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5 Foods that Fight Heart Disease

1)    Beans
Soluble fiber-rich beans can help curb your appetite by helping you feel fuller sooner.  Beans can also replace higher calorie, higher saturated fat-containing meats and cheeses in entrees.

Tips: 

  • Replacing a ½ cup of cheddar cheese for the same amount of beans can shave off about 100 calories from your lunchtime salad.
  • Replacing ½ pound of ground beef with 1 cup of kidney beans will cut 190 calories from a chili recipe.

 

2)    Oats
Research suggests that consuming 3 grams or more per day of ß-glucan, soluble fiber, which is found in oats or barley can help lower total and LDL cholesterol levels as part of a heart-healthy diet.

Tips:  

  • Start your morning off with a bowl of oatmeal.

 

3.  Nuts
A small handful of nuts daily may manage your blood cholesterol levels.  Research suggests that nuts can help lower blood cholesterol levels and that eating 1.5 ounces per day of almonds, hazelnuts, peanuts, pecans, pistachio nuts, or walnuts along with a heart-healthy diet, may reduce you risk of heart disease.  (One ounce of nuts = 25 almonds, 9 whole walnuts, or 48 pistachio nuts.)

Tips: 

  • Sprinkle chopped nuts over your morning cereal or yogurt.
  • Eat a handful of nuts between meals if you get hungry.

 

4. Fish
While fish is low in heart-unhealthy saturated fat, it provides another healthy quality that makes it a ringer for your heart.   The omega-3 fatty acids in fish can help slow the plaque buildup in your arteries that contribute to heart disease as well as reduce your risk of  heart disease.   It is currently recommended that you eat two fish meals a weekl.   Salmon, sardines, and tuna are all good sources of omega 3.

Tips: 

  • When you eat out, order an 8-ounce grilled salmon.  Eat half and take the remainder home for dinner the next day.  Pesto:  You just met you weekly quota of two fish meals.
  • Add canned tuna or salmon to your salad bar lunch.

 

5.  Whole Grains
While research shows that whole grains can reduce your risk of heart disease, most Americans are falling short of the recommended minimum three servings of whole grains daily.  Make sure that at least half your grain choices are whole grains, such as oats, 100% whole wheat bread, brown rice, and popcorn to gain that heart-healthy benefit.

Tips: 

  • Eating oats in the morning provide the added benefit of being a whole grain.  You get two for the price of one when you eat oats.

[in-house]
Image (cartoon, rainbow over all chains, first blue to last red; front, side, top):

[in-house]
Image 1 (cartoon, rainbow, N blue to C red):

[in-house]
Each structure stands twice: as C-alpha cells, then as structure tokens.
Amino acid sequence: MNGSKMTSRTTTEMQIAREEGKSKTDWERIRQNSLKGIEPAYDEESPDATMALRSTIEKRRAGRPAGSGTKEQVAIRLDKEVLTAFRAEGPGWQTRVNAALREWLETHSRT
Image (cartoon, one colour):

• When looking for something crunchy for a snack, pop up a 100-calorie pack of microwave popcorn.


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Study ties excess sitting to pericardial fat buildup


CT scans of more than 500 older Americans found that excess time spent sitting “was significantly related to pericardial fat around your heart,” said study lead author Britta Larsen, a postdoctoral researcher in the department of cardiovascular epidemiology at the University of California, San Diego.

There have been numerous large studies recently suggesting that when it comes to its deleterious health effects, sitting is not just the absence of physical activity — it has effects on the body that go beyond lack of exercise.

According to Larsen, that means that “even if you run every day but then you sit for eight hours a day, the sitting is still doing something bad for your health.” She also noted that studies have found sitting to be detrimental to health even after scientists factored out excess weight gain.

The study found that the more time spent sitting, the bigger the area of fat deposited around a person’s heart.  Those fat deposits are “strongly related to cardiovascular disease. It gets in the way of heart function, it clogs up your arteries — you don’t want it there.”

Source: http://consumer.healthday.com/Article.asp?AID=670500


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Low Levels of Vitamin D associated with Heart Attack and Early Death


Researchers at the University of Copenhagen said people with low levels of vitamin D were associated with a higher risk of heart attack and early death.

Dr. Peter Brondum-Jacobsen of Copenhagen University Hospital and the University of Copenhagen said the study involved more than 10,000 Danes. The study compared people with the 5 percent lowest levels of vitamin D with the 50 percent of the highest levels of vitamin D.

The study found the low levels of vitamin D compared to optimal levels were linked to a 40 percent higher risk of ischemic heart disease, 64 percent higher risk of heart attack, 57 percent higher risk of early death and no less than 81 percent higher risk of death from heart disease.

Healthy Tip: People with high levels of stress are more likely to be diagnosed with Heart Disease.